If all of writing was as difficult as the first 50 pages, I probably would have wimped out years ago and found myself a new vocation. (Something easy and safe—like being a Walmart greeter or maybe the collector of the quarters from Laundromat machines.) Despite the fact that I already know every plot turn that will arrive in the pages to come, and that I’ve sketched my characters down to the most obscure detail, and that I’ve probably even imagined the half-dozen splendid panegyrics that will appear on the glossy back cover—writing those first fifty pages is always a foray into dangerous and unknown territory.
4 Qualities of a Strong Beginning
It’s no wonder, of course, that beginnings are difficult when you consider their weight in the overall story. Beginnings must accomplish all of the following:
1. Give the readers a reason to care about what happens to the characters.
2. Plant an irresistible hook.
3. Introduce overall tone (satiric, dramatic, etc.).
In short, the beginning of every story is rather like a résumé. You flaunt your talents and skills and hope the reader finds what he’s looking for. Otherwise, you’re never going to make it off the bookstore shelf.
No problem, you say. I’ve got great characters and a killer plot. All I have to do is start writing. Unfortunately, I’ve never met anyone who actually could just do that, although I suppose it’s reasonable to suppose that the planet does possess a few such blessed writers. All I know is I’m not one of them. For me, as for the majority of novelists no matter their skill levels, beginnings are a tight-rope act. And it’s a long fall to the bottom if you miss your step.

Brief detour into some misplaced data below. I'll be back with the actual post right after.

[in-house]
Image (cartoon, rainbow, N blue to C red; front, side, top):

So how, pray tell, does one go about avoiding that fatal misstep? Well, you write and you rewrite. And then you repeat. Not what you were hoping to hear? Me neither. So in the interest of keeping us both happy, allow me to throw out a few helpful suggestions regarding what makes a beginning a success.
The Secret Ingredient to a Successful Story Beginning
Utilize character in beginnings. Beginnings are all about character. If the reader doesn’t find your character interesting, why should he stick around to follow this same boring character through the next three-hundred pages, no matter how brilliant your final plot twist may be? Ultimately, people read fiction because of character. They aren’t going to waste their time on characters that aren’t brimming with life—and neither should we as writers. From the very first page, we have to give the readers a character they won’t be able to get out of their heads. But more important than just imbuing our cast with scintillating personalities and rapid-fire wit (although never underestimate either of these), is giving the reader a reason to care about the characters.
Why Action Alone Is No Match for Character
Young authors are often encouraged to begin with action. Apparently, the theory is that if you throw an obvious protagonist into a harrowing situation, the reader will love him just because he’s in trouble. Not so. Someone in trouble may elicit a sympathetic response from me on a surface level. But to make me really be concerned about what happens to this person I first have to care about him.